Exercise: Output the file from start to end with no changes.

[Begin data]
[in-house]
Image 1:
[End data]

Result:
[in-house]
Image 1: